Cervical Cancer Affects Around The Uk

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Cervical Cancer affects around 34000 women every year around the UK (Bupa UK, 2013). Cervical Cancer is a result of the mutation of the DNA caused by the by the Human papillomavirus (HPV), (NHS, 2013).
The symptoms of cervical cancer are not always obvious thus the introduction of NHS cervical screening programme. The aim of the NHS Cervical Screening Programme is prevent the number women who die from cervical cancer each year due to not having early diagnoses. Since the introduction of the programme, a report was done between the NHS Cervical Screening Programme and Trent Cancer Registry it found that “Incidence and mortality rates in England have fallen considerably over the past 20 years. During this period, incidence rates decreased by over a third and mortality rates reduced by 60%. Survival, following a diagnosis of cervical cancer has improved in England since the 1980’s from the 83% to 88%”. (NHS, 2012, pp. P10-11).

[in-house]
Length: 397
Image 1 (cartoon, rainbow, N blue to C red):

Squamous cell carcinoma is the most common morphology accounting for over 2/3 of cancers (Cancer, 2014). The Federation of International Gynaecology and Obstetrics (FIGO) emphasize the importance of diagnosis at an early stage to minimise the effect on the patient. In order to be seen in an image, tumours must be at least stage IB and above.

Staging of cervical cancer:
1. In Stage 0 there is an abnormal cell in the cervix which can become cancerous and can spread to other regions of the body.
2. In Stage I the cancer is only found in the cervix. This
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